So, what all of that means is that in order to get the most optimal sleep...the deep, restorative sleep that promotes brain development, growth, and overall health...you want to be getting as much sleep as possible before midnight. A child who goes to bed at 10:00 p.m. and sleeps in until 9:00 a.m. may be getting the appropriate hours of sleep, but those hours aren't as beneficial as they could be on an earlier schedule.
The most biologically natural wake time for children is between 6:00-7:00 a.m. For the most beneficial sleep possible, use a wake-up time in that range. Then figure out a bedtime that gives them enough sleep by their wake-up time. Just in case you need another reason for an earlier schedule: night owls are more likely to struggle with depression and addictions. Morning bird behaviors are linked to better moods, energy, and general health (Holistic Sleep Coaching by Lyndsey Hookway).
Sleep is naturally the deepest before 12:00 midnight.
Recommended Amount of Sleep
That brings me to the next point: make sure your child is getting the appropriate amount of sleep in a day. A lack of sleep can hinder things like memory retention, focus, and mood while learning. For younger ones who aren't in school, a lack of sleep can also affect behavior, ability to cope with stress and change, and overall health. Getting enough sleep is extremely important for optimal functioning during the day.
Below are the recommended daily amounts of sleep for children. For younger ones, this amount includes both naps and nighttime sleep in a 24-hour period. For older ones, who no longer nap, they should be getting the full amount at night.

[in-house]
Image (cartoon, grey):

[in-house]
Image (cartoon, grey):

1-3 months: 14-17 hours
4-12 months: 12-15 hours
13 months-3 years: 11-14 hours
3-5 years: 10-13 hours
6-13 years: 9-11 hours
14-17 years: 8-10 hours
So, let's put it all together with a few different scenarios.
For an 8 month-old who wakes up at 6:30 a.m., takes 2 naps totaling 2 hours, and needs an average of 13-14 hours of sleep in a day, bedtime should be no later than 7:30 p.m.
For a 4 year-old who wakes up at 7:00 a.m., doesn't nap, and needs an average of 11-12 hours of sleep, then bedtime should be no later than 8:00 p.m.
For a 10 year-old who needs to wake up at 6:45 a.m. for school, doesn't nap, and needs an average of 10 hours of sleep, bedtime should be no later than 8:45 p.m.
Since the recommended daily amount of sleep is a range, I usually shoot for the middle of that range when figuring out an appropriate bedtime. If a child has trouble waking up or is really cranky in the morning or late evening, that's a sign that he needs more sleep. Move bedtime forward to allot for the higher amount of needed sleep. If a child consistently wakes up much before 6:00 a.m., then bedtime could be too early. Well-rested children will wake up happy and ready to seize the day!
Side note: If you have a consistent early riser, earlier than 6:00am, then there is a reason for this. My mini E-course walks you through all of the possible reasons why a child could be waking early for the day and teaches you how to solve it.
Fix Early Morning Wakings E-Course
A set schedule + an early schedule + the right amount of sleep = the most beneficial and effective sleep for being well-rested, healthy, and focused all day long!
~Ashley Bell, pediatric sleep consultant